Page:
\r\n)?[ \t])*(?:[^()<>@,;:\\".\[\] \000-\031]+(?:(?:(?:\r\n)?[ \t])+|\Z|(?=[\[
"()<>@,;:\\".\[\]]))|"(?:[^\"\r\\]|\\.|(?:(?:\r\n)?[ \t]))*"(?:(?:\r\n)?[ \t])
*))*@(?:(?:\r\n)?[ \t])*(?:[^()<>@,;:\\".\[\] \000-\031]+(?:(?:(?:\r\n)?[ \t])
+|\Z|(?=[\["()<>@,;:\\".\[\]]))|\[([^\[\]\r\\]|\\.)*\](?:(?:\r\n)?[ \t])*)(?:\
.(?:(?:\r\n)?[ \t])*(?:[^()<>@,;:\\".\[\] \000-\031]+(?:(?:(?:\r\n)?[ \t])+|\Z
|(?=[\["()<>@,;:\\".\[\]]))|\[([^\[\]\r\\]|\\.)*\](?:(?:\r\n)?[ \t])*))*\>(?:(
?:\r\n)?[ \t])*))*)?;\s*)


  • 11
    yes, and this regexp doesn't handle 100% of email addresses ;) – Romain Linsolas Apr 29 '09 at 7:24
  • 4
    I think the not-100% comment was just a joke. – Brad Gilbert Apr 29 '09 at 14:44
  • 1
    No, it's not a joke, it's not 100% because it doesn't handle an arbitrary nesting of tokens, e.g. given input like: ((a)((b c) d)), match the parenthetic group containing a letter such as 'd'. Email addresses do not need TLD domains in them to be valid. foo@bar is a valid email address. – Adam Luter Apr 29 '09 at 14:59
  • 1
    He's right, I'm afraid. Per RFC 822 at ietf.org/rfc/rfc0822.txt?number=822 A little background on this: RFC 822 deals with email addresses as they appear in the headers of emails, such as "John J. Smith" (work (this is a nested comment)) <jsmithj@example.com> To verify correctness, you have to capture and evaluate the nested comments thanks to this gem: "Comments nest, so that if an unquoted left parenthesis occurs in a comment string, there must also be a matching right parenthesis." – Falkreon Dec 17 '13 at 4:03
  • 2
    The module that uses this regex filters out comments before passing input into the regex – Demur Rumed Mar 11 '17 at 17:08

Roman number validator for a homework project - not mine, it's been a long time since I've had to do homework :-)


Any more complex than that and I tend to write code for it since I can better document it and optimize.


My friend was trying to write an RE that could match {0,1} strings with an odd number of 1's and an even number of 0's. I couldn't do it myself, but I wrote a program that could turn a finite automaton into an equivalent RE. Here's the re that my program spit out:

>>> from dfa2re import *
<module 'dfa2re' from 'dfa2re.py'>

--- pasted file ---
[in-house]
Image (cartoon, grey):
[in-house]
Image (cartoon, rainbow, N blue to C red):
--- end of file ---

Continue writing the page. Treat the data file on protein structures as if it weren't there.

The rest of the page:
>>> a2 = GNFA('a', ['ab1', 'ba1', 'ac0', 'ca0', 'bd0', 'db0', 'cd1', 'dc1'], set('b'))
>>> a2.re()

You need to add ^ and $ characters to make it work properly, but it does work.

As you can see, there's alot less in the specification of the GNFA. It was also alot easier to design, because it's very visual and its correctness is more obvious.

  • 3
    How complicated is that program? Is there any chance it's avaliable for the rest of the world to look at? – Chris Lutz Apr 29 '09 at 4:57
  • It's 345 lines. I could put it up somewhere, but I'm not sure how worthwhile that would be, since it's not that long. – allyourcode Apr 29 '09 at 5:00
  • I think I got the algorithm from this book, if you want to try to implement it yourself: tinyurl.com/sipser-computation-theory – allyourcode Apr 29 '09 at 5:03
  • You could paste it at some source code sharing site. I'd like to look at it. I promise I won't steal it, because I'm a Perl man, but I'd find it interesting to look at. – Chris Lutz Apr 29 '09 at 5:05
  • 2
    For the whole world to see: pastebin.com/f488b0246 – allyourcode Apr 29 '09 at 5:10

Yes, I know it's not that long (at least compared to Chas's!), but it was tricky for me to to get right. What is it for? If you have to ask...



is the much simpler companion.


Thanks to Tomalak,




It's JavaScript flavor regex for a Firefox plugin that we're hoping to release soon.

  • 1
    In fact, "/\|[^|=]*=/" would be the simpler companion. No need to escape the pipe symbol in a character class. This would help the longer regex as well. :-) – Tomalak Apr 29 '09 at 6:37

Well, this is not a tough one but one that took a while to figure out!

To make:



<A HREF="SomeDocument1.docx" >SomeDocument1</A>
<A HREF="SomeDocument2.docx" >SomeDocument2</A>



Replace with:

\<A HREF\=\"\1\.\2\" \>\1\<\/A\>

Figuring out the \( and \) issue with Textpad for capture took time.

  • Capture groups with ^(([^\\\/:*\?\<\>\|\"]+)\.[^\\\/:*\?\<\>\|\"]+)$, and replace with <A HREF="\1">\2</A> – Matias Cicero Jun 2 '14 at 12:38

My company has a small product that does mass mailing, kind of like Constant Contact. It was web based and the user would enter their html email through a WYSIWYG editor. We wanted them to be able to enter dynamic values so we had to create a tokening system. I created a whole token parsing library using regular expressions. Difficult and challenging but really fun. I was careful to declare all my magic regex as constants and used that through out the code. Made it extremely easy to maintain and update. I think parsing through html has to be the worst, especially when html can be inside the matches you're looking for.